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Hluhluwe-iMfolozi elephant contraception plan put into place
BY LOUZEL LOMBARD - 1 MARCH 2016
The Wildlife and Environment Society of South Africa (WESSA) has embarked on an elephant monitoring project in the Hluhluwe-iMfolozi Park in KwaZulu-Natal in a bid to provide essential data to support and strengthen Ezemvelo KZN Wildlife’smanagement of elephant populations in the park as well as enhance a broader understanding of how best to manage elephant populations in closed systems.
The elephant population in the park is fast approaching its maximum capacity, and this is causing problems in the closed environment.
Elephants are known as a keystone species because they have a disproportionate ability to alter their habitat and to dramatically affect other species in the ecosystems in which they live.
They therefore require extensive ranges to maintain healthy populations and, as ecological engineers, “they can be either a threat or an asset to biodiversity in a closed system,” WESSA says.
Hluhluwe-iMfolozi Park is a medium-sized reserve of 96 000ha with a growing elephant population, which is fast approaching the reserve’s ecological carrying capacity of around 1 000 individuals.
While this is wonderful news for the elephant population as a whole, the elephant are becoming too many for the park’s ecosystem to handle. Therefore, the park’s management have been implementing a contraception programme where adult cows are darted from a helicopter with a contraceptive as part of an Elephant Management Plan to control numbers.
If this method proves effective it will provide an attractive alternative to culling or trans-location.
Advance elephant monitoring needed
A key aim of Hluhluwe-iMfolozi Park’s Elephant Management Plan, drawn up by Park Ecologist Dave Druce and others, is to “Maintain the elephant population in a state that does not jeopardise the conservation of biodiversity elements, priority biological assets or the maintenance of ecological processes within the Park”.
In support of the contraception programme, accurate on-the-ground tracking and data collection is essential to inform elephant conservation and broader management strategies in Hluhluwe-iMfolozi Park, WESSA says.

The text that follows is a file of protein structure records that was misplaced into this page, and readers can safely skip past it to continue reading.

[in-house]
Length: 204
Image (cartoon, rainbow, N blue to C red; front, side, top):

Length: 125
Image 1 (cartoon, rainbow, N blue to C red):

Although 18 of the park’s adult cow elephants are fitted with tracking collars, it has been more than two years since the last field monitor was employed and data was collected.
Chris Galliers from WESSA’s Biodiversity Programme has now facilitated a resumption of the monitoring work to redress the data gap and ensure close observation of the contraceptive programme.
This builds on WESSA’s 2014 funding support for a full aerial count of the Hluhluwe-iMfolozi Park elephant and rhino populations.
Some recently accessed funding has now allowed WESSA to appoint Timothy Kuiper as an elephant research monitor in Hluhluwe-iMfolozi Park.
Kuiper is working under Druce where his monitoring activities include building up the individual elephant photograph database and field ID kits; collecting data on herd demographics and family structure; monitoring elephant movements from GPS collar data; and assisting on the ground with contraception operations.
The current project duration is for five months, but it is hoped that this work can be continued if additional funding is secured. The project is also collaborating with Michelle Henley from Elephants Alive – a long term WESSA partner and member of the Elephant Specialist Advisory Group – to draw on her expertise as well as to ensure that there is shared learning with her work on elephant populations in the Lowveld.
WESSA has been involved in elephant conservation issues for most of its 90-year existence.
Elephants and their conservation were central to WESSAs successful campaigning for the establishment of the Kruger National Park in 1926, the Addo Elephant National Park in 1931 and the later expansion of Addo in 2002.
This latest project supports the overall aim of WESSA’s Biodiversity Programme, which is to promote harmonious and integrated management between people and nature in conservation work.
The vast amounts of elephant in Hluhluwe-iMfolozi Park, despite the overall dire stance of elephants elsewhere, is but a small example of the highly complicated system of managing wild animals in closed environments.
Conservation journalist Scott Ramsay for Traveller24 recently wrote how elephants higher up in Africa have declined with 97% in less than a century.
“Accurate estimates suggest that there were 12 million elephants in the early 1900s,” Ramsay found. And today there are only 350 000, which includes both savanna elephants (Loxodonta africana) and forest elephants (Loxodonta cyclotis).
WESSA, however, says it is excited and optimistic that this venture will add value to the work that Ezemvelo KZN Wildlife is doing to protect these magnificent creatures, that it will improve our understanding around the management of closed elephant populations in South Africa and enhance decision-making by reserve managers.
Original article: http://traveller24.news24.com/Explore/G ... isapp=true